Back in a previous age, baby oil was the most common product used on the skin during the summer. I have three younger sisters, so I know the priority that used to be placed on how much tan a person could get.
Fortunately, we are more aware today of the damaging effects of the sun. Therefore, sunscreens are more likely to be used to prevent those deteriorations and reduce the risk of future skin cancer.
However, unless a given sunscreen is used properly, you may not be getting the full sun protection that the SPF, or sun protection factor, promises. The truth is that most people don't put on enough sunscreen.
Ideally, sunscreen should be liberally applied to exposed skin at least 20 minutes before going outside. It should also be reapplied every 2 hours if one is outside throughout the day.
This slogan is a good way to remind all of us to take the following precautionary measures against the sun: Slip on a shirt, Slop on suncreen, Slap on a hat, and Wrap on sunglasses. These four easy-to-remember steps protect the skin and the eyes from the aging and damaging effects of ultraviolet light exposure.
Shifting back to the sunscreen recommendation, reapplying is very important as some spots are missed on the first coating, and some sunscreens wearing off with sweating. Additionally, don't forget to apply sunscreen to the ears, nose, back of the neck, exposed areas of the scalp, decolette area, and tops of the feet. These areas get plenty of sun, but are frequently neglected.
Some other pointers to remember include:
- Water resistant sunscreens are not waterproof. After swimming, sunscreens should be reapplied once one reaches dry land again.
- Most makeups that tout their inclusion of SPF do not actually have enough sun protection to be truly effective. If you wear makeup, it is best to apply sunscreen with a minimum SPF of 30 even if your makeup has some SPF already.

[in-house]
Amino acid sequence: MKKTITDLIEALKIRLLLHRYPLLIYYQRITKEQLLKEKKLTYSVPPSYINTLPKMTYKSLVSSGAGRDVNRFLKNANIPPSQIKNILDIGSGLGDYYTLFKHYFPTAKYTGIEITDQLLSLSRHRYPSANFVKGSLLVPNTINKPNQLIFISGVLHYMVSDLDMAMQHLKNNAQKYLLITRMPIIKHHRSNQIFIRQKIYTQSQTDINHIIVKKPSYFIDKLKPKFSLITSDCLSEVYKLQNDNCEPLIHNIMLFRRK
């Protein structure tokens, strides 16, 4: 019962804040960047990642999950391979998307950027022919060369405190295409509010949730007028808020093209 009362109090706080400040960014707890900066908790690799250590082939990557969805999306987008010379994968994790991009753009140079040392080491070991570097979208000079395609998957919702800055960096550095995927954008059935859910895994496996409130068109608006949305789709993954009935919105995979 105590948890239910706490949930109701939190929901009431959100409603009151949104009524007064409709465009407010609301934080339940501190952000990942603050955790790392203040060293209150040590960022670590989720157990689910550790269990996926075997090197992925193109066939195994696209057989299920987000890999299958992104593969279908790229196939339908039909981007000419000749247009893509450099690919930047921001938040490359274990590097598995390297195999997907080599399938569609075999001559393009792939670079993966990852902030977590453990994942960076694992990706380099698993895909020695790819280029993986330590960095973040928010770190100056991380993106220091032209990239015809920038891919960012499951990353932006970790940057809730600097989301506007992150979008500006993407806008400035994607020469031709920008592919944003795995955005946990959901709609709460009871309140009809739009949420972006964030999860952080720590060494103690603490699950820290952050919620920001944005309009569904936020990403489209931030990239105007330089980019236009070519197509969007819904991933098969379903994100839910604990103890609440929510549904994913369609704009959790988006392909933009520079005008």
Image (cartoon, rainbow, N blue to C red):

- Sunscreens do lose potency over time. If your sunscreen is from last season, buy a new sunscreen and throw away the old remainder.
- Most complaints of sunscreen causing skin irritation come from people who have used chemical sunscreens. Rather than avoiding sunscreens altogether, try one of the newer chemical-free sunscreens called mineral sunscreens, which contain zinc oxide and/or titanium dioxide. These reflect the sun away from your skin and are not absorbed, avoiding the irritation sometimes associated with chemicals.
We carry several medical-grade sunscreens for purchase in our offices and through our website. We recommend them not just because they are our products, but because of their efficacy and compatibility with our treatments.
If you have any questions about these medical-grade sunscreens, or even the over-the-counter choices, please call our offices in Augusta at (207) 873-2158, or in Scarborough at (207) 303-0125. Enjoy the beautiful weather this summer, but please protect your skin from the aging effects of the sun and its risk of skin cancer.